These benefits can be achieved by merely having the digital filter output its results at its higher internal clock rate, into and through the DAC chip, instead of trimming its higher internal clock rate back down to the original 44.1 kc sample rate before outputting its calculated results generating the music waveform. This is called oversampling, which is somewhat of a misnomer because, interestingly, the extra samples output at the higher clock rate can be meaningless dummy data (say set to zero value, or alternatively a 3 times repetition of the previous music waveform value), rather than meaningful music waveform sample data, so there are no extra true samples. Thus, for example, with 4 times oversampling, there is 1 true meaningful music waveform sample (with a value generated by the digital filter calculation), followed by 3 dummy data samples with value simply set at say zero (and therefore obviously not conveying any further information about the music signal's possible changes during these 3 extra sample periods).
     This standard oversampling, seen in most CD players and D-A processors nowadays, does its intended job just fine, and secures the extra benefits intended. But what a shame and waste! Here we have a fast computer used as a digital filter, and a fast DAC chip capable of accepting this 4 times faster sample rate. But then we waste of their time by having them process meaningless zeroes for of their samples!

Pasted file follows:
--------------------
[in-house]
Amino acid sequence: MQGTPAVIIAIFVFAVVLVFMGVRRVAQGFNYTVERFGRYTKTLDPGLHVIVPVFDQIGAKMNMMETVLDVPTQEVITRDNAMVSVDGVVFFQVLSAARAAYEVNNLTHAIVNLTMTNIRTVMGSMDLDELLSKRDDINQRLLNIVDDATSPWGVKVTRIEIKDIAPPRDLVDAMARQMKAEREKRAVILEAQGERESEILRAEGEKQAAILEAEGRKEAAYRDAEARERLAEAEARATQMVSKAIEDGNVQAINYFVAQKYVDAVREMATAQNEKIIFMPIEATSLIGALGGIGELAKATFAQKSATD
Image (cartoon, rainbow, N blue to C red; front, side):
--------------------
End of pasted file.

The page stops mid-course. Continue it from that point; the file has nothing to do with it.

Could we put this empty dummy time to better use, and thereby perhaps secure even greater sonic benefits? Yes we can!


High Power Averaging


     Nowadays computational power is relatively cheap. So let's invest in a computer with some extra computational power, beyond that which we need to make high quality digital filter calculations. And then let's put this extra computational power to work. How? By filling those empty time slots with real music waveform values instead of dummy zeroes. The computer could calculate 3 new values for each set of 3 dummy time slots that the digital filter has placed intermediately between each pair of two music waveform sample points (at the 44.1 kc sampling rate), sample points that this digital filter has just finished calculating by applying its boxcar approximation to the raw data stream coming off the CD. What numerical values should we plug into these empty time slots? Let's program the computer to calculate appropriate new music waveform values. These new values could be interpolated among the older music waveform data points that the digital filter has just finished calculating, using a sophisticated averaging algorithm.